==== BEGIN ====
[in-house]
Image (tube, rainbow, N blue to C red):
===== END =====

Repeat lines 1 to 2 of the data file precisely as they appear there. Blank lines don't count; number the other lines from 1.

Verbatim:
[in-house]
Image (tube, rainbow, N blue to C red):